/// What DJ has been impressing you lately? ///

Third Son is out of this world. As both a producer and a DJ, I just can’t get enough of his music. His individual tracks are brilliant, and his sets are intricately constructed symphonies, cinematic journeys, full of peaks and valleys, and varying in pace and style. 

/// Have you travelled to any other famous clubs around the world? Any enlightening experiences from them? ///

I’ve traveled to quite a few legendary spots over the years, sure. The common denominator I’ve found is that the best clubs don’t compromise on the overall experience. It all starts with a killer sound system and properly curated DJ lineup. But what really sets a club apart for me is when they’ve made an effort to provide a positive, cultivated environment. One that evolves throughout your time there. It doesn’t have to be fancy, over the top, or even original; just a bit of effort that is clearly motivated by passion and love for the scene, and is open to and accepting of everyone. When venues and promoters combine in this fashion, everybody — the DJs, the crowd, the staff — recognizes, embraces, and contributes to the vibe. This results in the kind of party that you never want to leave.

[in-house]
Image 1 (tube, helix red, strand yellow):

/// For the local techno scene - any words of advice ye ol' sage? ///

DJs: Know your music. Love your music. Feel your music. Only play your best music.   
2. Fans: Support local techno.
3. Everyone: At least once a year, be a Techno Tourist. Hit up a major festival, visit a techno hotbed, make a pilgrimage to a legendary venue or party. And get lost in the experience.